knee osteoarthritisOsteoarthritis is a local disease of synovial joints, most commonly the hands, hips, knees, and spine. Loss of articular cartilage and new bone formation at the joint margins (osteophytes) with joint space narrowing characterize osteoarthritis.1

Osteoarthritis has several risk factors including age, gender, genetics, and behavioral influences. Before age 50, the prevalence of osteoarthritis in most joints is higher in men than women. After age 50, osteoarthritis of the hand, foot, and knee is more common in women.1

About 40% to 60% of patients with osteoarthritis of the hand, knee, hip, and spine have relatives with similar conditions. Genetic predisposition appears to be the product of multiple, not yet identified genes.2

About one-third of older adults in the U.S. are affected by knee osteoarthritis. Obesity is a well known risk factor for knee osteoarthritis. With the increasing health problem of obesity, knee osteoarthritis is like to become an even more common condition. Advanced knee osteoarthritis is the most common reason for elective joint replacement.2

Some clinical research suggests glucosamine can reduce joint space narrowing.3 Other clinical research suggests chondroitin may likewise have a disease-modifying effect.4 New research attempts to address the role of glucosamine and chondroitin in the treatment of knee osteoarthritis. Other researchers have associated a possible dietary deficiency with osteoarthritis.

The GAIT Study

Long awaited results of the NIH-funded study, the Glucosamine/Chondroitin Arthritis Intervention Trial (GAIT) have recently become available in abstract form.5 NIH is withholding comment on the study until the full results are published in peer-reviewed form.

GAIT was a five-armed multicenter study that randomized 1,583 patients aged 40 years and older. Sixty-four percent were female. All subjects had at least six months duration of knee pain and radiographic evidence of knee osteoarthritis. Patients with mild knee pain, as classified by the Western Ontario and McMaster Universities (WOMAC) pain severity (125-300 mm) and moderate to severe pain score (WOMAC pain severity 301-400 mm) were included.

Patients were randomized to take glucosamine hydrochloride 500 mg three times daily, chondroitin sulfate 400 mg three times daily, a combination of glucosamine hydrochloride and chondroitin at these doses three times daily, celecoxib (Celebrex) 200 mg daily, or placebo. Acetaminophen, up to 4 grams per day, was allowed for additional pain relief.5

Patients were evaluated at baseline and at four, eight, 16, and 24 weeks. The primary outcome measure was a 20% improvement from baseline WOMAC pain severity at week 24.5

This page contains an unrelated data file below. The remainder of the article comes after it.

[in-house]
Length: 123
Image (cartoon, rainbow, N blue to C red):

Celecoxib was better than placebo in all patients for pain relief (70.1% response rate for celecoxib compared with 60.1% response for placebo, p=0.008). Glucosamine hydrochloride, chondroitin sulfate, and the combination were no better than placebo for relieving pain in patients with mild pain. In the 20% of patients who had moderate to severe pain (WOMAC pain severity 301-400 mm), the combination of glucosamine and chondroitin was superior to placebo (79.2% response rate for the combination and 54.3% for placebo, p=0.002).5

The authors concluded that the combination of glucosamine hydrochloride and chondroitin sulfate is effective for treating moderate to severe knee pain caused by osteoarthritis.5

The GUIDE Study

Unlike GAIT, which was performed in the U.S., the Glucosamine Unum in Die Efficacy (GUIDE) trial was performed in Europe. This study used glucosamine sulfate, a product available by prescription only in Europe.6

GUIDE was a three-armed study that randomized 318 patients (88% women) with knee osteoarthritis as defined by American College of Rheumatology criteria. Treatments were glucosamine sulfate soluble powder 1500 mg per day, acetaminophen 1 g three times a day, or placebo for six months. For blinding, researchers used a double-dummy technique. Patients were allowed ibuprofen 400 mg as rescue medication.6

The primary outcome measure was changes from baseline in the Lequesne index at six months. Secondary outcomes were changes in WOMAC score and Osteoarthritis Research Society International (OARSI-A) responder criteria.6

Glucosamine sulfate was superior to placebo in all three outcome measures: Lequesne p=0.032 [difference = 1.2 (-2.3 to -0.80)], WOMAC p=0.039 [difference = -4.7 (-9.1 to -0.2)], and OARSI-A responders 39.6% versus 21.2% for placebo (p=0.007). Acetaminophen trended to more response than placebo, but reached statistical significance only for the OARSI-A measure.6

The authors concluded that glucosamine sulfate might be the preferred symptomatic medication for knee osteoarthritis.6

Selenium and Knee Osteoarthritis

This is an epidemiological study of 942 subjects with a mean age of 59.8 years. The group consisted of 33% males and 39.8% blacks. All submitted toenails for selenium assessment. All subjects underwent radiologic evaluation of the knees. Knee osteoarthritis was classified as none, unilateral, or bilateral; and severity as none, mild, moderate/severe.7

Mean selenium levels were 0.75 ppm. Selenium levels were lower for blacks versus whites (0.71 vs 0.78, p<0.0001), men versus women (0.73 vs 0.76, p<0.0001), and those with any knee osteoarthritis, bilateral knee ostearthritis, and severe knee osteoarthritis (p< =0.05).7